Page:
No Reply/#54/Nikon FE2/Kodak Ektar 100/Cancer Institute/ Beijing, China
Piano Silhouette/#55/Yashica Electro 35 gsn/Kodak TMAX100/Chicago Cultural Center/Chicago, IL
Gutted/#56/Nikon FE2/Kodak Ektar 100/Zhong Tao Hutong/ Beijing, China
Cig Games/#57/Nikon D7000/Gulou Area/Beijing, China
Nightime Sales/#58/Nikon D7000/Sanlitun Area/Beijing, China
Art and?/#59/Nikon FE2/Kodak Ektar 100/Gulou Area/Beijing, China
Coffee Break/#60/Olympus XA/Kodak Tri-X 400/The Other Place/Beijing, China
Spring Batteries/#61/Olympus XA/Kodak Tri-x 400/Spring Cameras/ Beijing, China
As Tall as Skyscrapers/#62/Nikon D7000/Dongzhimen Area/Beijing, China
Again a lot has happened this last week. And, again a lot is still the same. I had a birthday; I’m officially 26…swinging right into the late 20s without a problem. Spent my birthday with a bunch of amazing people at a bar called Heaven. It was a blast, even if the Yellow Tail wine was way overpriced. I have a lot to work towards this year. In one year I will be submitting my residency application, I will have been back in the states for 2 months already, knee deep in my final year of medical school. It has been a surreal experience as I watch my best friends write and struggle with the monotony of completing their residency applications and I’ve been sitting in China taking pictures and doing research. While there is a component of feeling left behind, I know that this isn’t the case. I’ve made the conscious decision to leave behind the traditional medicine path, because, I’ve realized, there is nothing traditional about my dreams. Though it is difficult to articulate the destination my dreams will take me, they provide me a direction, a road to follow. And, so far this road has been nothing but non-stop adventure with its fair share of twists and turns.
All my life, I’ve paved my own road. I might hear a phrase or read some article that captivates me and I go with it. It has gotten me this far, but now I’ve reached a point on my road where the forks are a bit more dubious. I’ve been lucky so far to meet several people that have been able to give me advice, but in the end it comes down to me. And while I am not sure where I will be in 10 years, I know I will be pursuing something that makes me happy.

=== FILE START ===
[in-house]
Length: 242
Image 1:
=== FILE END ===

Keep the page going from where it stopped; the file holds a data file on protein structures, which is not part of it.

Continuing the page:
The other day I had the fortune to meet an old Chinese man and his wife at a restaurant. In China, if there is an empty seat during the lunch rush, it will be taken. So I got to sit next this old couple. The conversation started like most other conversations…
Are you Xinjiang Ren?
No, no, I am an American.
No way, that’s not possible, you look Chinese
Well my birth mother is Korean, and my birth father is Mexican
But that is where the similarities ended, rather than default to the normal line of oh your Chinese is excellent, he started to ask me more questions. I could see the genuine curiosity in his eyes. And something in me changed, I kept talking, I kept listening, and for the most part I was able to handle the conversation. Of course, there were parts I didn’t understand, but we talked about my research, about the cancer issues in China, and what we were trying to do to solve them. We talked about what he did, his children, how he and his family had lived in the hutong down the street for years. It was an amazing conversation. He ended it with saying that our meeting had yuan fen 缘分, a word that I have come to love. It basically means the destiny that brings people together. There is not a word like it in English, and it is something I’ve considered and know I’ve shared with many of the people I’ve met in my life.
To top it off, he said my Chinese is okay. This definitely means my level is increasing, as Chinese people won’t tell you the truth about your level until you can establish some sort of relationship, and if you can only kind of speak, you can’t establish any relationship. He felt comfortable enough with me to tell me my Chinese was okay. It was an amazing validation.
Until next time!
Good luck friends with your Residency Interviews, I honestly know you won’t need it though.